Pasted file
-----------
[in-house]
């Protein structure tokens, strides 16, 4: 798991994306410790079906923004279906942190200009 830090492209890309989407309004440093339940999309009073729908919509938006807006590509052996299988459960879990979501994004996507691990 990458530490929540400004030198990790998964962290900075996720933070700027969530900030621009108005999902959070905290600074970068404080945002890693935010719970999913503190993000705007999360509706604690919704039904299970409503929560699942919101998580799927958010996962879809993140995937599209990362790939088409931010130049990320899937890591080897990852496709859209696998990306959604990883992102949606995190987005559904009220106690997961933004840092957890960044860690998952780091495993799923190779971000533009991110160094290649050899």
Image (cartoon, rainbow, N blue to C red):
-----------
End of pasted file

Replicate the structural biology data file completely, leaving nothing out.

[in-house]
């Protein structure tokens, strides 16, 4: 798991994306410790079906923004279906942190200009 830090492209890309989407309004440093339940999309009073729908919509938006807006590509052996299988459960879990979501994004996507691990 990458530490929540400004030198990790998964962290900075996720933070700027969530900030621009108005999902959070905290600074970068404080945002890693935010719970999913503190993000705007999360509706604690919704039904299970409503929560699942919101998580799927958010996962879809993140995937599209990362790939088409931010130049990320899937890591080897990852496709859209696998990306959604990883992102949606995190987005559904009220106690997961933004840092957890960044860690998952780091495993799923190779971000533009991110160094290649050899």
Image (cartoon, rainbow, N blue to C red):